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on 5 August 2013
Not only is this a must for all Scofield AND jazz funk fans, but I reckon that it's his best CD (in the world) ever. Playing it joyously loud at least once a day!!! B..B..Buy!!!!!!!!!!!!!!!!!!!!
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on 29 August 2013
Sco is beyond doubt the best current jazz-funk player out here at the moment - I would say the best player full stop but there is metheny - not my bag entirely but he is there - but where Sco excels is in his capacity to put these dynamite bands together and make them groove. This album is like a fusion of the electronica stylings of uberjam and the more blues-tinged stuff from piety street but whatever it is outstanding. If you have any interest in the electric guitar or jazz, this album is simply essential listening. It is available on spotify but if you have any kind of ears on your head then the cd is what is needed - you can't listen to the dynamic range of this music on a streaming service - sorry - and I have a squeezebox touch and beresford dac for the spot so it is pretty good but as nothing compared with the won't be disappointed unless you're either deaf or dead from the waist down....
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on 13 October 2013
I have previous Uberjam, and like it. This one is more modern sound, of course you can hear his music throughout. It can be easily backgournd music, but very pleasant one. Actually quite complex music, well thought, excellently played, no doubt. The CD recording quality has improved recently, so if you listen to these on really good hifi system, it sounds so good, real.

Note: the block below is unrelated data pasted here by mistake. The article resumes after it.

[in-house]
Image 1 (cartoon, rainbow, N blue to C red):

I have so many his cds, but this come up very high.
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on 24 August 2013
I have always been a fan of great guitar music and great tone. Prior to this I liked John Scofield but not enough to buy his stuff. Having heard this album I can see where he's coming from and am developing a real taste for his stuff.
The whole band work well together and it is now my favourite album of the moment. Well worth a go.
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on 31 January 2014
This album was one of those rare occasions when Spotify got it right.

What a great album. Uplifting. Mature. Funky. Bluesy. Great fun.
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on 19 December 2014
Not up there with Scofields best work but worthy of expanding my collection of his recordings.
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on 1 August 2014
Great - economical - lots of space. Heard this band at Love Supreme Festival this year.